you can see my curriculum vitae (ctrl + click for a new tab) for a short blurb about my dissertation on page 1, and for a longer abstract on page 5.
Terence Cuneo (2007) has argued that we have to be committed to the existence of epistemic facts insofar as they are indispensable to theorizing (a project that is likewise cognitively indispensable). Furthermore, he argues that the epistemic properties of these facts are inextricably ‘ontologically entangled’ with certain moral properties, such that there exist indispensable ‘moral-epistemic’ facts. Cuneo, therefore, concludes that insofar as epistemic realism is true, moral realism is likewise true. I argue that Cuneo’s appeal to the existence of indispensable moral-epistemic facts is problematic, even granting the existence of indispensable epistemic facts. I conclude, therefore, that Cuneo’s argument fails to justify moral realism.
Neo-Expressivism and the Explanatory Relevance Requirement
It is sometimes thought that there is a difference between first-person authority, on the one hand, and privileged self-knowledge, on the other. The former, it is sometimes argued, concerns merely the presumptive truth of present-tense psychological self-ascriptions, while the latter concerns the distinctively secure, epistemically warranted second-order beliefs one has of the psychological states authoritatively self-ascribed. This paper examines a frequently—albeit often tacitly—accepted dialectical constraint on debates within the self-knowledge literature, which I dub the Explanatory Relevance Requirement (ERR). According to ERR, first-person authority and privileged self-knowledge bear essential explanatory relationships to one another. I argue that, if ERR is true, then a popular ‘neo-expressivist’ account of first-person authority is objectionable because it fails to abide ERR. The significance of this failure is assessed in light of a survey of possible grounds for ERR.
Constitutivist and Rational-Fundamentalist Privileged Self-Knowledge
Constitutivists about self-knowledge argue that rational agents frequently have self-knowledge of their own first-order propositional attitudes as a matter of necessity. For many constitutivists this thesis has a striking ontological implication, namely that one’s self-beliefs are not ontologically distinct from their first-order objects. This, in turn, could mean that (1) one’s self-beliefs have their first-order objects as a proper part, (2) one’s self-beliefs just are self-conscious first-order beliefs, or (3) one’s self-beliefs necessarily supervene on their first-order objects. Matthew Parrott (2017) has recently argued, however, that no account of privileged self-knowledge which hopes to easily explain self-ignorance and error should countenance necessary states of self-knowledge. Instead, to capture the privileged character of much of our self-knowledge, he argues for what I call ‘rational fundamentalism’, according to which privileged self-knowledge is brought about by the triggering of a fundamental disposition, enjoyed by rational agents endowed with the concepts of the propositional attitudes, to form higher-order beliefs about their first-order propositional attitudes. Since this disposition–like other dispositions–can be masked, the connections it generates between the relevant attitudes are not necessary connections. The implication is that constitutivism ought to be rejected in favour of rational fundamentalism. I deny this implication: constitutivism and rational fundamentalism, I argue, are equally explanatorily and theoretically virtuous on several fronts, while constitutivism may be less objectionable than rational fundamentalism on one crucial front.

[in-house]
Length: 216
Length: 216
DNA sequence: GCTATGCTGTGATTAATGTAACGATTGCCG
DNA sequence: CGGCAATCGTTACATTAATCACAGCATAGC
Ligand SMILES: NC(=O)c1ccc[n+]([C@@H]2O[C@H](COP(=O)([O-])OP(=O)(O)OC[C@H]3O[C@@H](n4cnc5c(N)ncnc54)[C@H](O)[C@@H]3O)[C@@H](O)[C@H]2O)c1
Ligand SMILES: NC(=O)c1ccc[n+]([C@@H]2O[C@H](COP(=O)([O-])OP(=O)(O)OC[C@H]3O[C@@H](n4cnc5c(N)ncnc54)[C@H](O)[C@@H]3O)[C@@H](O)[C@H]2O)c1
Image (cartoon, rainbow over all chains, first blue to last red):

Not all of my works in progress are listed here, as some are currently under review, and some are only in their inchoate stages. Please contact me if you wish to hear about my other works in progress.